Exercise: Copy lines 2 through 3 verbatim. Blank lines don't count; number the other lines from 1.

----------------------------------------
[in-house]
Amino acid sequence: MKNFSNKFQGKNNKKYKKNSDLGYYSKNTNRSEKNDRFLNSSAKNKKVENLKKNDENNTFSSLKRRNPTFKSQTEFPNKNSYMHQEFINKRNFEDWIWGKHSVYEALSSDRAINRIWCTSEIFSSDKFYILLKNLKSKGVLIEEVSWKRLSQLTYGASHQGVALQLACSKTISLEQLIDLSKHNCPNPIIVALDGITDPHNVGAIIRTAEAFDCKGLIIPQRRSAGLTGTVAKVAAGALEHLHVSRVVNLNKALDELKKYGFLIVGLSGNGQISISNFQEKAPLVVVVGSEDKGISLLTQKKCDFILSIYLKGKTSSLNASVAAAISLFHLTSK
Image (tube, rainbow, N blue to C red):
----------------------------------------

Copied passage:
Amino acid sequence: MKNFSNKFQGKNNKKYKKNSDLGYYSKNTNRSEKNDRFLNSSAKNKKVENLKKNDENNTFSSLKRRNPTFKSQTEFPNKNSYMHQEFINKRNFEDWIWGKHSVYEALSSDRAINRIWCTSEIFSSDKFYILLKNLKSKGVLIEEVSWKRLSQLTYGASHQGVALQLACSKTISLEQLIDLSKHNCPNPIIVALDGITDPHNVGAIIRTAEAFDCKGLIIPQRRSAGLTGTVAKVAAGALEHLHVSRVVNLNKALDELKKYGFLIVGLSGNGQISISNFQEKAPLVVVVGSEDKGISLLTQKKCDFILSIYLKGKTSSLNASVAAAISLFHLTSK
Image (tube, rainbow, N blue to C red):